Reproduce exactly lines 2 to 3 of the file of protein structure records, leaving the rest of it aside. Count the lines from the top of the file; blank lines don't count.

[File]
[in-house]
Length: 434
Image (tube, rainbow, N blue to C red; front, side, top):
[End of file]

Length: 434
Image (tube, rainbow, N blue to C red; front, side, top):